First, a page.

2011 年 120 巻 4 号 p. 496-519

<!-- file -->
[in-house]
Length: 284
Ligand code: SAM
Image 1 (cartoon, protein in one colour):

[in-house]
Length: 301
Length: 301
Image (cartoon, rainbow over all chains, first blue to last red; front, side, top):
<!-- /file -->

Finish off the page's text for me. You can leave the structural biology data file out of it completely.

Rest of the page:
Due to continuing tax increases during the Russo-Japanese War, postwar regional society became faced with the serious problem of increased tax burdens. This article takes up strata of powerful local figures at the time, which have been dealt with in almost all of the research to date in the context of regional improvement movement and the expansion of political parties, shedding new light on their relationship to the local taxation system. The author offers Saitama Prefectures as a typical example of where large increases occurred in the income tax and points to a little known tax institution, the Income Investigation Commission (IIC; Shotoku Chosa Iinkai 所得調査委員会), which was involved in calculating individual income tax amounts and whose members were chosen by taxpayers in local elections. The article begins with a quantitative study to determine the place of income taxes within the context of regional society, showing how both tax revenue and the number of taxpayers increased during the War and how after the War social strata with vested interests in the question of taxation greatly expanded. As to the process of choosing members of the IIC, elections were held mainly county by county (gun 郡), while candidates and the distribution of posts were controlled by local leaders under non-competitive conditions. Elected members tended to be holders of important local offices, such as village headman, and were involved in local improvement projects in collaboration with national policy. However, in 1909, members of the IIC clashed with the Department of Tax Affairs, demanding a decrease in the income tax burdens of local residents. Saitama IIC members filed complaints with higher authorities and were supported by village headmen. Despite the refusal to meet their demands, the following year they lobbied the National Diet and both political parties to pass legislation, in a non-partisan spirit that also marked the movement to lower land taxes. The author concludes that the power elite in post-Russo-Japanese War regional society came to possess a dual character: one complacently conducting projects along the policy lines of central bureaucratic agencies; the other in conflict with how the national tax revenue authority was dealing with regional society.